- Dine Amidst Vibrant Tropical Colors at Sisserou’s Restaurant
- Live Music, Food trucks & Made-in-Oklahoma Products
- Pig Brains and Tofu… Sheer Heaven
- Cherry Street: Not a Place for Lullabies
- Every Burger Served at White Flag is Creative
- Tulsa Chef Serves French Californian Cuisine with a Southwest Flare
- Neives’ Mexican Grill is Like Family
- KEO Keeps Getting Better
- There’s Something About Mary’s
- The Wild Fork Vibe
Platters of Mexican Food Await You at Fiesta Cozumel
Cruise down Sheridan and just past 21st Street you’ll see a tiny house with a lavish splash of color on the front. Inside that tiny house, huge platters of food await. It’s good food too, not the best Mexican in Tulsa by any means, but definitely a cut above average.
You’ve seen the menu a thousand times before. It’s what you’ll find (though it’s longer and more elaborate than most) at a thousand little joints scattered throughout the southwest, from Barstow in the west all the way through Flagstaff, Winslow, Texas and probably all the way through to St. Louis and beyond. It’s authentic Mexican, but it’s not the style you’ll find way down south in Pueblo and Oaxaca. Definitely not Tex-Mex chain style either. It’s its own style… call it the far north region of Mexico.
Queso, guacamole and nachos for starters, fajitas, several kinds of taco salads, needless to say enchiladas, burritos and chimichangas galore, along with various grilled beef plates, carnitas and chile verde, shrimp and fish with various sauces. (They used to make cochinita pibil, but sadly no more.) Adjacent to the small dining room, there’s a bar area with many rare tequilas proudly displayed behind the bar. And of course diners get chips and salsa. I rarely pay attention to salsa but, like a sign announcing good eating ahead, this rich chunky salsa was far better than most.
Cathe got enchiladas.
These are Enchiladas Suizas ($9.49), topped with a mellow cream sauce and a bit of melted cheese. I loved the refined presentation. Cathe loved the taste. Sure better than Chimi’s, she said. (Incidentally, these are definitely an authentic Mexican dish. Suizas means Swiss; there were indeed Swiss immigrants to Mexico and they became famous for their dairy farms, so recipes that feature cream sauce are often named Suiza.)
Refuting what I said above, Betty got a dish I haven’t seen anywhere else.
It’s called Sharandas Burritos ($8.29). Under that delicious scattering of salad, queso, guacamole and sour cream are three miniature burritos: one shrimp, one chicken, one steak. I didn’t get to taste it; I was busy with my fajitas.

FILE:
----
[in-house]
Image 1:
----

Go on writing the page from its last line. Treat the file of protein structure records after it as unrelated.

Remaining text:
Fajitas Cozumel ($13). Though quite good, for me this was a disappointment. I’d read rave reviews of these fajitas, and they turned out to be just about average. Tiny dry pieces of beef and chicken, well-seasoned though, a few yummy shrimp, and a short rib. Still, I did eat it all, and it was a huge portion. Enchiladas next time though, or maybe those mini-burritos.
The young friendly owner was at the cash register when we went out. His story made the meal better. He started out as a dishwasher at Senor Tequila. (His dad, who played guitar there, got him the job.) He worked hard, he did a good job, and while he worked he studied the business. He was promoted. He met his wife at Senor Tequila. Now they have their own restaurant. It’s a splended American story mixed with fine Mexican food.
2165 S. Sheridan Road
Open daily from 11 AM to 10 PM
Born in NYC, age 0, on my birthday. College in Oxford at age 16. Law School in New Haven, Conn. 6 years travel in Africa and Asia. Haven’t done much lately. Still, I’m the only Tulsa member of the little-known Omega Society. www.theomegasociety.com
I speak enough Chinese to order food not on any English menu. Spanish French Italian too (not fluently but food-ently) My favorite restaurant is Jean-Georges in New York. But those NYC chefs would sell their soul to get the produce available from the farms around Inola.
“A writer writes alone. His words tumble forth from a magical inner void that is mysterious even to himself, and that no one else can enter.” And yet, the most important thing to me the writer is YOU. Without you to hear them, my words are worth less than silence.